Growth in the global economy is fueled by the increased use of raw materials and natural resources. Natural capital is transforming into other types of capital – but we are growing so large, so fast, which rapidly depletes the same natural resources that provide this large-scale growth.
- Disposal culture
People in most of the world have developed a "culture of disposal and substitution" with a new one: we make it as cheap as possible at the expense of exploiting natural resources, using, disposing of. This linear economy is simply not sustainable and the bill is paid by nature and subsequent generations. It is already known that in the ocean currents have collected the plastic in one place the size of France. Plastic breaks down into fine particles, gets into the fish, falls into the clouds through the fumes of the water and returns to us trampled through the rains and the food we eat.
A UN study concludes that two-thirds of land pollution comes from unreasonable use of materials, and one-third from wrong and excess energy use.
You must have heard that our society lives quite unsustainably, so we feel more noticeably climate change, lack of resources, loss of biodiversity, dirty air and water, etc. Thus, the pile of rubbish that is fast accumulating our consumer society will grow to a staggering 3.4 billion tonnes a year (currently 2.01 billion tonnes a year) in 2050 (source: World Bank).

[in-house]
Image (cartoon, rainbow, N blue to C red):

Modern economists believe that it is the circular economy that is the solution.
Purpose of circular kkonomics in construction: Waste = Raw material
The circular economy is based on the principles of:
- waste = raw material
- repair/recycle and reus
The aim is to minimise the explosion of natural resources and raw materials and waste. This is achieved by restoring and repairing products and materials as far as possible, systematically, over and over again.
The Circular Economy Action Plan will lead the transition across all sectors, with high-resource sectors such as the construction sector in focus. In addition to the construction and repair works using significant amounts of energy and mineral resources (sand, gravel, cement), buildings are responsible for 40% of the energy used, mainly for lighting, heating and cooling.